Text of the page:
Airlines from India account for the largest share of inbound tourism in Nepal. According to Tribhuvan International Airport (TIA), Indian carriers flew almost 48 percent of all the tourists visiting Nepal in 2011.
As per TIA stats, five Indian airlines—Spice Jet, Jet Airways, Air India, Jet Lite and Kingfisher—are among the top 10 carriers bringing tourists to Nepal. Arrivals of tourist via air amounted 544,985 in 2011. There are 28 international airlines connecting Nepal at present.
Indian budget airline Spice Jet was the largest carrier of tourists into Nepal in 2011, accounting for 15.28 percent of the arrivals. Spice Jet took the top spot 14 months after it entered the Nepali skies. The airline started flying to Nepal in October 2010.
Jet Airways and Air India are the second and third largest tourist carriers with shares of 12 percent and 8 percent respectively. Air India has slipped to the third position from its number one slot in 2010. Jet Airways was in second place last year too.
Two legacy carriers—Thai Airways and Qatar Airways—fell in the inbound tourism rankings in 2011. Thai’s market share shrunk to 8 percent from 11 percent while the share of Qatar Airways slipped to 7 percent. Two carriers from the Middle East, Etihad Airways and Gulf Air, have lost their slots in the top 10 list.
Among Indian carriers, Kingfisher’s market share shrank due to its deteriorating financial condition. Kingfisher has not been flying to Nepal for the last few months.
The market share of Indian carriers surged as tourists have a number of airlines to choose from while flying to Nepal from New Delhi, said Bhola Bikram Thapa, managing director of President Travels and Tours.
The progress made by Spice Jet illustrates how low cost airlines (LCCs) are expanding their share at a speedy rate and displacing legacy carriers. It also shows that tourists prefer LCCs to fly to Nepal. “The surprising business of Spice Jet can be attributed to the increased number of Indian visitors in Nepal last year,” said Shyam Raj Thapaliya, managing director of Osho World Travel Nepal. Indian travellers grew by 39 percent to 145,338 in 2011, a 26.7 percent share in total tourist arrivals in Nepal.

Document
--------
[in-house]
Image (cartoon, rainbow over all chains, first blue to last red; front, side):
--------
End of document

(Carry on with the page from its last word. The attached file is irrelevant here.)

However, travel trade entrepreneurs said that LCCs like Spice Jet bringing more tourists would not make any significant impact on Nepal’s tourism as they have low connectivity outside Delhi.
“Travellers prefer LCCs for short-haul destinations due to the price factor,” said Madan Kharel, president of the Board of Airline Representatives in Nepal (BARN). “However, passenger preference for long-haul destinations will always be legacy carriers.”
Nepal Airlines slips to 10th place
KATHMANDU: The market share of Nepal Airlines Corporation (NAC) shrank to an all-time low in 2011 in terms of tourist carriage. The national flag carrier held the 10th position with a mere 3.05 percent. In 2010, NAC had a market share of 4.87 percent. In 2001, NAC was a leading carrier accounting for 28 percent of inbound tourists. The eroding market share of NAC, according to travel trade entrepreneurs, is due to its inability to expand its fleet. “The limited number of aircraft has even compelled NAC to cut its regular flights on the Delhi sector,” said Madan Kharel, president of BARN. With more international airlines entering the Nepali skies and NAC’s track record of flight delays, travel agencies said the national flag carrier had become the last choice among visitors. Currently, NAC operates its international flights with two ageing Boeing 757s, one of which is usually offline due to technical glitches and periodic C-checks. The carrier now flies to only five international sectors, Dubai, Doha, Bangkok, Kuala Lumpur and Hong Kong, down from around 14 in 2001. NAC has not added any new aircraft in the last two decades. “Without expanding the fleet, it is not possible to lead the market and expand flight connectivity,” he added.